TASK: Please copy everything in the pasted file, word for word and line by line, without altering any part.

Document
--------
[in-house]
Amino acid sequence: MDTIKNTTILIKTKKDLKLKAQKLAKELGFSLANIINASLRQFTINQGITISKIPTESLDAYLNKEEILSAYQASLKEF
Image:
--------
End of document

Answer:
[in-house]
Amino acid sequence: MDTIKNTTILIKTKKDLKLKAQKLAKELGFSLANIINASLRQFTINQGITISKIPTESLDAYLNKEEILSAYQASLKEF
Image: